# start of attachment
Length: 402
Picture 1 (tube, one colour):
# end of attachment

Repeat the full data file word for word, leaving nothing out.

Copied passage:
Length: 402
Picture 1 (tube, one colour):